Here, a man using a facial recognition system to unlock the door of an office building © Shutterstock (via The Conversation)

Convolutional neural networks work on the same principle as the visual cortex of mammals.

They make it possible to detect the presence of simple patterns in an image, such as shape or color, and to gradually identify the content of the entire image by association and cross-checking.

This type of network is used in particular for facial recognition and computer image applications, but also for voice recognition and medical diagnostics.

Convolutional networks break down an image into dominant features, such as edges, colors, gradient orientation (called “filtering”), which are easier to process.

Then, these characteristics are assigned to individual layers of the network (called hidden layers), accelerating the acquisition of an image in stages of "convolution".

A breakthrough for autonomous vehicles

My collaborators and I have developed a convolutional neural network capable of processing images up to 250,000 pixels, at a speed high enough for facial recognition applications.

Comparative analyzes have shown successful recognition of digital images with 88% accuracy.

To achieve this result, our network used a layer of 10 fully connected neurons that we had already tested before.

The scalability of this device and its compatibility with standard electronic hardware offers interesting prospects in big data training for real-time and very high-speed applications, such as autonomous vehicles and real-time video recognition.

Like the human brain

My team and I develop our devices based on recurrent neural network architectures.

These networks, which are inspired by the circuits of the brain (made up of neurons and synapses), have “short-term” memory essential for processing dynamic sequences of data (for example, to improve the performance of telecommunications channels).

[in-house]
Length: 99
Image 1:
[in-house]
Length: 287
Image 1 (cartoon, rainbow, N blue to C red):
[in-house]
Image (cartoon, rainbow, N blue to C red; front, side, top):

[How it works] The human brain and neurons © CEA Recherche

A fundamental aspect of this system is that the number of neurons needed in the network is reduced thanks to time division multiplexing (distribution of multiple time pulses in different channels).

This allows us to create virtual neurons from a single physical neuron.

The number of virtual neurons created varies according to the applications.

This technique has the advantage of reducing the complexity and the number of components required compared to other artificial neural networks during their design.

The photonic recurrent neural networks studied at INRS can potentially accomplish a wider range of complex and time-consuming learning tasks such as speech recognition, financial forecasting and medical diagnosis.

"Artificial intelligence" dossier

My research team is committed to advancing the state of knowledge on artificial neural networks for the advent of emerging technologies, such as 6G, which will require the transmission and processing of high data rates, at ultra speed. -high, which is inconceivable with current networks.

And the last impact of our research, and not the least, is that it will significantly reduce the carbon footprint of deep learning applications and their effect on the environment.


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This analysis was written by Roberto Morandotti, professor of nonlinear optics at the National Institute for Scientific Research (INRS).

The original article was published on The Conversation website.